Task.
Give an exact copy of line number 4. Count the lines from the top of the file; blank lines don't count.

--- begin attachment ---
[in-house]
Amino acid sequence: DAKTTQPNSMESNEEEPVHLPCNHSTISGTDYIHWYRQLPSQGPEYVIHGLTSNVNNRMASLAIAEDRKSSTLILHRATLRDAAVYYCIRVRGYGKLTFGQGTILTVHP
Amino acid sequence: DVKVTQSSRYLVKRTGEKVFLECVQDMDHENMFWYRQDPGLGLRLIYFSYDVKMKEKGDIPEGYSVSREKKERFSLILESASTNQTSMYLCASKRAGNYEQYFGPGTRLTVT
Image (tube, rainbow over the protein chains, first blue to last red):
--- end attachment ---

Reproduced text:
Image (tube, rainbow over the protein chains, first blue to last red):